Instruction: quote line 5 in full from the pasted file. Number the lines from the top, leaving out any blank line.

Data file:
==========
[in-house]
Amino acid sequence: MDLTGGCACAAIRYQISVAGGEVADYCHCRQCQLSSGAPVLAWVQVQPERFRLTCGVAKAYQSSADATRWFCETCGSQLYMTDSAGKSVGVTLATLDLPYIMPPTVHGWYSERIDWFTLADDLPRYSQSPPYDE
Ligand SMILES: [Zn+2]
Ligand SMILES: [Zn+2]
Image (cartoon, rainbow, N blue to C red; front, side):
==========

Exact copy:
Image (cartoon, rainbow, N blue to C red; front, side):